19. TheRealKong

    TheRealKong

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    There are lots of amps with lots of ways to amplify the tone in a way amd with a sound you may like. Its the most personal taste - and how much money is available.

    Tube amps are more expensive than Solid State-amps. This is a fact. Don't listen to guys who complain about the costs of maintaining a tube amp. You won't change the poweramp-tubes until it is not neccessary. This may vary. Some people runtheyr CL 20 years and more without changing poweramp tubes.

    I have an Ampeg SVP Pro preamp and a huge poweramp, 2 x 700 Watts @ 4 Ohms. The tubey sound of the pre comes that loud and clear, and no one of the all-tube - guys will be able to name if it is an all-tube or my hybrid solution. It was cheap, too! The used SVP Pro was about $ 500,--, the poweramp about $ 400,--.

    My other amp is a GenzBenz GBE 1200, it has two preamps, one with a tube in the circuit, one completely solid state. Fine sounding amp, too, but it can't give you the full sound of a tube amp. But pushing the tube hard and playing together with the band there is no noticeable difference.

    Next amphead in the stable is an old Peavey Max. This is an animal! Same as the Genz, there is only one tube in the one preamp, and a full solid state in the other preamp. Mixing the two channels and pushing the tube hard, it gives you the best no-ampeg-ampeg-sound you ever have heard!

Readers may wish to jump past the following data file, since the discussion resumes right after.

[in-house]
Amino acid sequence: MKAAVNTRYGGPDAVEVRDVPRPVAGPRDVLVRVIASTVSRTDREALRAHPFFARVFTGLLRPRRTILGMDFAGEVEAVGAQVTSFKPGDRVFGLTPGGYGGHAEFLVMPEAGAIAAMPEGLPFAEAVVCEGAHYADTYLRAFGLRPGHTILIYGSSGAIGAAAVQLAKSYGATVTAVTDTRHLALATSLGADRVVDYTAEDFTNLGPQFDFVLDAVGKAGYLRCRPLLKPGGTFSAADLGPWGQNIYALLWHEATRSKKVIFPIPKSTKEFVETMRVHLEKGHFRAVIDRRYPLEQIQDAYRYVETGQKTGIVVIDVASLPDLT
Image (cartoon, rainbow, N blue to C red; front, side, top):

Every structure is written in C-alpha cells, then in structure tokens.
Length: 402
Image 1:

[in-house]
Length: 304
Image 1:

If you want to go Ampeg, there are some real fine hybrid amps, as the SVT 4 Pro. Full tube pre section, and a hell of a solid state poweramp! Drive the tubes hard, and it will give you the feel of an all tube amp - preamp-wise...

    Did you notice that I did not talk about weight? The Genz is 42 lbs, the SVP Pro and poweramp is about the same weight, the Peavey is about 3-4 lbs less heavy. The SVT 4 Pro is 39,5 lbs, so says the manual. This is not heavy, compared to an SVT 2 Pro, which is 70 lbs. Or an SVT CL or VR, they are both 85 lbs. So if taking a hybrid amp. you seem to go "lightweight" - in a way.....

    Ciao

    Uwe
     
  20. GregC

    GregC Johnny and Joe Gold Supporting Member

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    + a million! I love tube amps (and I also have a lightweight SS amp that I really dig as well), but you don't have to.

    Go out and get what suits ya.
     
  21. Tim1

    Tim1